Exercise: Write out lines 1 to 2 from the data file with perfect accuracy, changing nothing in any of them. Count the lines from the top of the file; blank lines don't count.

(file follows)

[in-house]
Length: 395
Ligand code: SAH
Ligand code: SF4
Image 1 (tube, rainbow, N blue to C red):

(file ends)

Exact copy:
[in-house]
Length: 395